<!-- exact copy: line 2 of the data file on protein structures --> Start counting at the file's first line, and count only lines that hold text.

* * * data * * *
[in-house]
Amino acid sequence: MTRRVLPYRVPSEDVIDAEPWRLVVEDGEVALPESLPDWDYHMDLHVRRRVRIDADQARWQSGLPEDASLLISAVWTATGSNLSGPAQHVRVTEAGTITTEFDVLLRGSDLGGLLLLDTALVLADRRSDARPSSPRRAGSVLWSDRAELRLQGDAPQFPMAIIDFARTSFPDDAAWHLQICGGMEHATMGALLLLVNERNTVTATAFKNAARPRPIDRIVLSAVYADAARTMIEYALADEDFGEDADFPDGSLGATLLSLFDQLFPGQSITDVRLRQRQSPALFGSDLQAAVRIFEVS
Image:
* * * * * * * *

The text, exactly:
Amino acid sequence: MTRRVLPYRVPSEDVIDAEPWRLVVEDGEVALPESLPDWDYHMDLHVRRRVRIDADQARWQSGLPEDASLLISAVWTATGSNLSGPAQHVRVTEAGTITTEFDVLLRGSDLGGLLLLDTALVLADRRSDARPSSPRRAGSVLWSDRAELRLQGDAPQFPMAIIDFARTSFPDDAAWHLQICGGMEHATMGALLLLVNERNTVTATAFKNAARPRPIDRIVLSAVYADAARTMIEYALADEDFGEDADFPDGSLGATLLSLFDQLFPGQSITDVRLRQRQSPALFGSDLQAAVRIFEVS